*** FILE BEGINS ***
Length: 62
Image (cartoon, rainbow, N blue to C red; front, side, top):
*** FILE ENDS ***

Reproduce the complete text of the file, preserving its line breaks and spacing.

Length: 62
Image (cartoon, rainbow, N blue to C red; front, side, top):